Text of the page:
Why the Texas law that shields cops from lawsuits won’t protect cops from criticism

Law enforcement and civil rights advocates say they are outraged that Texas has enacted a law that prevents cops from suing police officers for alleged crimes.

The law allows the police to sue police officers who are accused of committing a crime.

It was signed into law in January, two months after a video of a police shooting sparked protests and protests against police brutality against people of color.

A federal judge last week said the law was unconstitutional.

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An April study by the Texas Policy Evaluation Project found that only 14 percent of police officers surveyed reported that they have suffered at least one serious incident during their careers.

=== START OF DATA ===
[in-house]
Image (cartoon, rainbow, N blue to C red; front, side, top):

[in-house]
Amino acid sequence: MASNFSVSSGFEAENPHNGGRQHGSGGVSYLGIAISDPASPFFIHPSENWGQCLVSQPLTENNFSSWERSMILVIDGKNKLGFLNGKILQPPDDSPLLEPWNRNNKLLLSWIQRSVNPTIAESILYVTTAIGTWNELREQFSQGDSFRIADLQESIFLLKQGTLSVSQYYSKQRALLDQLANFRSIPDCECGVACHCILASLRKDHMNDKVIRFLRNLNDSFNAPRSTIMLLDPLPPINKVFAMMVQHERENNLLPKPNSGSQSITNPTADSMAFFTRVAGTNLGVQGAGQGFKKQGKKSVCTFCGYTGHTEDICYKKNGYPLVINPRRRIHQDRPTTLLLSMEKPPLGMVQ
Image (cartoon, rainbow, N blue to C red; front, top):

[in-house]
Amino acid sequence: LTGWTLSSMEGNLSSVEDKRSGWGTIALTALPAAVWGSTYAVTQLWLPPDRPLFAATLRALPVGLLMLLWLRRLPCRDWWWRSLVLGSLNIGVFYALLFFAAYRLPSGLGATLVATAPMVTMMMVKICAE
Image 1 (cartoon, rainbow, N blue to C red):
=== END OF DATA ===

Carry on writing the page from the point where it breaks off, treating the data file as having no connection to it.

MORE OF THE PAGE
That is about the same rate as other states, including Arizona and New York, the study found.

The study did not analyze the impact of the law on officers’ chances of getting paid or getting promotions, or how it would affect hiring practices.

“It’s pretty clear that if the law is implemented, the likelihood of an officer who has a criminal record getting promoted will be significantly reduced,” said Mark Potok, the founder of the organization that published the study.

“There is a tremendous amount of public outrage about this law, and the public is getting increasingly sick of the constant finger-pointing and blaming the victim, which is counterproductive.”

A federal court in Houston, where the Texas Legislature is in session, will consider a challenge to the law.

A ruling is expected this week.

The Tribune’s Michael A. Biesecker reported this story from Austin.

Reach Lisa Kogan at [email protected] and follow her on Twitter at @lisa_kogan.